Covering the Goulburn and Murray valleys

ATAR scores another mirror image for top Moama students

The adage 'BFF do everything together' has taken on a special meaning for two Moama Anglican Grammar students and friends who got exactly the same ATAR score.

RUTH CLAYTON December 21, 2012 4:25am

Brittany Santilla (left) and Jess Naughton are close friends, equal peers and now joint duces at Moama Anglican Grammar School.

In a curious turn of events, two close friends became joint duces of Moama Anglican Grammar School when yesterday morning they discovered they had achieved exactly the same ATAR score.

When results were released around 9am, Brittany Santilla and Jess Naughton, both 18, went online to find they topped their school’s year level results with ATAR scores of 94.15.

But the similarities between the girls do not end there.

They also attended primary school together and, coincidentally, studied exactly the same HSC subjects and therefore have taken every class together over the past year.

At their school presentation evening recently, the girls came in dead even and tied for awards in biology and food technology.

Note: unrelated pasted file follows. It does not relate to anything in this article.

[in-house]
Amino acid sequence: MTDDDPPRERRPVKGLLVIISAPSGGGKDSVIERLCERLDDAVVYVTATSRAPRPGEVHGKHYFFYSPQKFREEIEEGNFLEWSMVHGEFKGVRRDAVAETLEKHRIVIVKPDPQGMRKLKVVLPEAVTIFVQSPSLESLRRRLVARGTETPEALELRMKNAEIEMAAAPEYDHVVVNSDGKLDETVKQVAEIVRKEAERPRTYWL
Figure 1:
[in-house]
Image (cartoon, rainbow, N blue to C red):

Their other subjects saw the girls go neck and neck, with only one mark separating them throughout the year.

‘‘We’ve got the same results all throughout the year,’’ Miss Naughton said.

‘‘It’s pretty weird.’’

Although the girls did not study together, they helped each other out and said there was no competitiveness between them.

‘‘If we had a question, we’d ask (each other), but we didn’t study together,’’ Miss Santilla said.

‘‘We had different ways of studying.

‘‘We definitely helped each other.

‘‘Even when we didn’t work together, we’d still get the same scores.

‘‘We’ve been dead even all year.’’

Principal Andrew Pullar said he was ‘‘immensely proud’’ of the girls.

‘‘They’ve set themselves a goal and worked hard to meet it,’’ Mr Pullar said.

‘‘They’re friends and they worked hard together.

‘‘I couldn’t be more delighted.’’

Mr Pullar said three students of a cohort of 32 achieved ATAR scores in the 90s.

He said 38 per cent achieved ATAR scores above 70 and 21 per cent were above 80.

‘‘We’re really pleased with those results,’’ Mr Pullar said.

‘‘56 per cent achieved at least one study score above 40 and eight students achieved study scores of above 40 in at least three subjects.’’

The Moama Anglican Grammar School students were among 73,397 students enrolled in this year’s HSC.

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